Hospitals are not required to test pregnant women for drugs. The federal Child Abuse and Prevention Act requires states to have policies to “notify” child welfare agencies when babies are “affected by substance abuse” including alcohol use disorder and suffering withdrawal symptoms from prenatal exposure.(10) These notifications are not equivalent to child abuse reports. Nothing in CAPTA requires that pregnant people or newborns be tested for drugs. State law does not require drug testing pregnant people. Indeed, Penal Code section 11165.13 makes clear that a newborn testing positive for drugs “is not in and of itself a sufficient basis for reporting child abuse or neglect.” State law does require that every county develop protocols between county health and welfare departments, and all public and private hospitals in the county, for assessing the needs, and referring a substance exposed infant to child welfare. Los Angeles County is out of compliance with this law as it has yet to develop any such policy, although currently working with stakeholders to develop a policy. The policy should clarify that pregnant women and newborns should not be drug tested in health care settings unless medically indicated and consented to by the pregnant person.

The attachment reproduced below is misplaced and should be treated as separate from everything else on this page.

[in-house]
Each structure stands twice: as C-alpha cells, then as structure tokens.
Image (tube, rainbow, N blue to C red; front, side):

Senate Bill 4821, pending in New York State, prohibits drug and alcohol testing of pregnant and perinatal people and newborns without informed consent. The bill prevents any health care worker from performing a drug or alcohol test or screen on a pregnant person unless the person gives written and verbal consent to the test and the test is within the scope of medical care being provided to such pregnant person. Similarly, health care providers cannot drug or alcohol test or screen a newborn unless the person authorized to consent to their medical treatment gives written and verbal consent. The bill permits health care providers to test without consent if necessary for medical treatment and delaying treatment to obtain consent would increase the risk to the person’s life or health.